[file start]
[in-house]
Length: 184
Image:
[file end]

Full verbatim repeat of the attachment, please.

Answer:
[in-house]
Length: 184
Image: